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China Forms Online Gaming Ethics Commission, “Rectifies” 11 Titles

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High-level regulatory activities have made 2018 a hard year for China’s entertainment industry. Of course, the film industry was rocked with the scandal of Fan Bingbing’s tax evasion, a controversy that continues to reverberate across the world of A-list screen celebrities. It’s also been a tough year for the online gaming industry in China, with regular crackdowns on “inappropriate” content and the appointment, last week, of a brand-new regulatory body to oversee this sector of the mobile entertainment economy.

Until recently, online games in China were regulated by three separate government bodies: the Ministry of Industry and Information Technology (MIIT), the now-defunct State Administration of Press, Publication, Radio, Film and Television (SAPPRFT), and the Ministry of Culture (MOC). A game hoping to secure release in China needed to apply for a license from SAPPRFT on the copyright side, and an approval from MIIT to offer online services. Then, once the game went online, it was ultimately under the jurisdiction of the Ministry of Culture.

The three authorities found themselves in conflict at times. For example, both SAPPRFT and MOC claimed the power to suspend World of Warcraft: The Burning Crusade from running in China for operating without a license. In addition, under increasingly strict censorship, gamers had to accept that the dead bodies in the Chinese version of BioShock 2 were depicted as boxes, and that the blood in DIABLO Ⅲ on Chinese servers ran black instead of red.

It was not ideal, but nothing could really stop thousands of new online games — especially mobile games — from getting licenses and launching on the Chinese internet every month. The last few years have marked a peak of prosperity for China’s mobile gaming industry, which is dominated by Tencent’s 2015 title Arena Of Valor, Playerunknown’s Battlegrounds, NetEase’s newly-popular Knives Out, and a plethora of imitators.

Things began to change early this year. In March 2018, after the Chinese government’s annual plenary sessions (or Lianghui), SAPPRFT was abolished and the part of its duties relating to games was taken over by the Publicity Department of the Communist Party of China (PDCPC). (China’s TV and radio industries now fall under the regulation of yet another body, the National Radio and Television Administration or NRTA.)

Only a handful of new online games that have gone through the official application process that had been in place before March have been allowed to be published in China ever since this shift.

Another wave of official influence over the gaming sector crashed down at the end of August, when the government announced its intention to protect Chinese teenagers from “shortsightedness,” and the PDCPC decided to implement quantitative control of newly-released online games along with a limit on teenagers’ online time, for the stated purpose of promoting “better eyesight” and the future of the country. Even two online multiplayer battle royale games by Tencent, modeled after Playerunknown’s Battlegrounds, were restricted from public release.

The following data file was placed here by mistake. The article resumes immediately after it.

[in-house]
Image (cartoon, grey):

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And the games that already have licenses are far from safe. According to a report published by People.cn on December 7, an Online Gaming Ethics Commission has just been established, and has already issued a list of 20 online games that “include ethical and moral risks,” resulting in 11 games being “rectified” and the other 9 having their license applications rejected.

More information was offered in a later Xinhua report. The Online Gaming Ethics Commission consists of PDCPC members, experts, and academics who specialize in online games and adolescent problems. Members of the commission come from universities, professional institutes, news media, and industry associations. “This is an important move to actively react to society’s concerns, to improve online gaming’s cultural value, to guide internet companies to prioritize social benefits, and to supply healthy and beneficial cultural entertainment products to the Chinese people,” reported Xinhua. In a later post on Weibo, Xinhua also pointed out that online games often contain vulgar content and violence. News outlet The Paper reported that online poker games involving gambling are another big concern for the authorities.

“This is an important move to actively react to society’s concerns, to improve online gaming’s cultural value, to guide internet companies to prioritize social benefits, and to supply healthy and beneficial cultural entertainment products to the Chinese people” – Xinhua

That’s what we know about the mysterious Online Gaming Ethics Commission (or OGEC, if you need another acronym), for now. Let’s see how China’s online gamers are welcoming these “protectors”:

“Games?? Morals?? Is there any necessary connection between them?” – a A WO SHI KONG KONG A

“So, when can we have a rating system?” – R1chardLee

“Some games are for kids, and some are for adults. Even Karl Marx told us to ‘Use specific analyses for specific problems.’” – TANG XIAO MIAN_bb

Cover image: Bilibili

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Fan Shuhong
    Shuhong (aka Rita) is a language instructor, English/Chinese translator, writer, and proud bunny owner based in Beijing. She's previously worked in Washington D.C. and IUP at Tsinghua University. She loves Chinese language, Japanese arts, post-rock music and good English TV series. Instagram: rita_van

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